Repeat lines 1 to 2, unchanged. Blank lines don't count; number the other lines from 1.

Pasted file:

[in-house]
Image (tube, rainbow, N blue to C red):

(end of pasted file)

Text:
[in-house]
Image (tube, rainbow, N blue to C red):